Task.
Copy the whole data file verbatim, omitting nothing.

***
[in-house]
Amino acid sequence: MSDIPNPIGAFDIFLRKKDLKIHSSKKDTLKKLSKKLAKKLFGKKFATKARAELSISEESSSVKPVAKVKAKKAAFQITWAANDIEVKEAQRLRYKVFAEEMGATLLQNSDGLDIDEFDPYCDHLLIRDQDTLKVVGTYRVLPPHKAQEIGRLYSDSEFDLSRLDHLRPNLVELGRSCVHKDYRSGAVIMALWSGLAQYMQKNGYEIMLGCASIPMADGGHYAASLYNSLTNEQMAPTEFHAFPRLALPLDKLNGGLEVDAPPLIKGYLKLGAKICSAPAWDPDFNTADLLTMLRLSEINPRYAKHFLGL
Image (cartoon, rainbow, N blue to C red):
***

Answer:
[in-house]
Amino acid sequence: MSDIPNPIGAFDIFLRKKDLKIHSSKKDTLKKLSKKLAKKLFGKKFATKARAELSISEESSSVKPVAKVKAKKAAFQITWAANDIEVKEAQRLRYKVFAEEMGATLLQNSDGLDIDEFDPYCDHLLIRDQDTLKVVGTYRVLPPHKAQEIGRLYSDSEFDLSRLDHLRPNLVELGRSCVHKDYRSGAVIMALWSGLAQYMQKNGYEIMLGCASIPMADGGHYAASLYNSLTNEQMAPTEFHAFPRLALPLDKLNGGLEVDAPPLIKGYLKLGAKICSAPAWDPDFNTADLLTMLRLSEINPRYAKHFLGL
Image (cartoon, rainbow, N blue to C red):